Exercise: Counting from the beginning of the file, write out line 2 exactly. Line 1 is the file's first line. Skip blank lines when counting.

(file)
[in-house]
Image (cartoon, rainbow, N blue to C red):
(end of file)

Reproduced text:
Image (cartoon, rainbow, N blue to C red):